Since the Cornwallis Town Book records that John North married Mary West on October 12, 1770, we can assume that he emigrated here from Birmingham, England, before that year. In his Kings County history, Arthur W. H. Eaton doesn’t concern himself with the date of John North’s arrival in Nova Scotia. However, in his family sketches Eaton does tell us that North’s first child by this marriage was William; and it is William North who is the topic of this column.
Born in 1771, William North farmed all of his life in Kings County. He married Lois Strong when he was 26, sired nine children, and apparently lead an uneventful, quiet life. However, William was not an average 19th century man of the soil. His penmanship, spelling and bookkeeping indicate he was well educated in a period when formal schooling was scarce.
William North reveals others things about himself, his business acumen for example, in a farm ledger he kept for most of his working life. North’s ledger was discovered in the attic of his old home in the Sheffield Mills-Atlanta area. The first entry in the ledger is dated 1814 and was made when North was 37 years old; the last entry is dated 32 years later when William North was in his 69th year.
At first glance North’s old ledger appears to be little more than a mundane record of farm commerce in the early 19th century. But as we read the yellowing pages and look at the simple entries, life as it was in our great-grandfather’s day is vividly described. “Settled (an account) by road work,” reads one entry, for example. Which tells us that in North’s day there were no paved highways and landowners were responsible summer and winter for maintaining the piece of road that skirted their property. We learn that the barter system, trading goods for goods, services for services, greased the wheels of everyday living, and that without bartering life would have been difficult.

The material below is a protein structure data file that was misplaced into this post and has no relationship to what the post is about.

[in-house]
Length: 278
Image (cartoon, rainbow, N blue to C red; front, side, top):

Basically, North’s ledger is simply a record of the goods and services he provided to his neighbors and the goods and services received in return. While the goods and services are assigned a value in pounds, shillings and pence, apparently no great amounts of cash changed hands. On one side of the ledger we see, for example, that North supplied Oliver Thorp with flour, pork and wheat; provided in returns for such goods were “one days chopping,” “one day fencing,” “two days carting dung,” and so on.
Miscellaneous entries, taken from the ledger at random, tell us much about farm life in North’s day. North kept his ledger in a period when both horses and oxen were the beasts of burden; thus we find entries such as “gray mare folded” (foaled), and “to mending yoke.”
Other simple entries are also revealing. The goods commonly traded were hay, oats, turnips, potatoes, butter, flour and pork. The services provided are indicated by such entries as “for mowing orchard,” ” two days digging potatoes,” “for 30 lbs. clover seed,” “for one days dressing flax.” Cider and rum may have been frowned upon by the temperance societies of North’s day but we find entries such as “for one barrel cyder (cider),” “to making one barrel cyder,” and “for 1/2 gallon rum.”
Other entries that give us a glimpse of life North’s time: “Paid by wife in tallow fat,” “wood lent for school (one cord),” “to one stear (steer),” “making two pairs womings (sic) shoes.”
If you trace your ancestors back to farmers in this area, your great-grandfather’s name may be in the ledger and he may have traded with William North. In the ledger (to mention a few) we find accounts for William Chipman, Samuel Woodworth, Cyril and Isaac Newcomb, Jeddiah Ells, John Rockwell, Lemuel Rogers, Caleb Foot and Enoch Scofield. Families with these surnames still farm in this area.